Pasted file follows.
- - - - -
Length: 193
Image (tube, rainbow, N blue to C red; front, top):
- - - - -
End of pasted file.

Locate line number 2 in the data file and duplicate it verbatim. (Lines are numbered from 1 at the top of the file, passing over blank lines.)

Image (tube, rainbow, N blue to C red; front, top):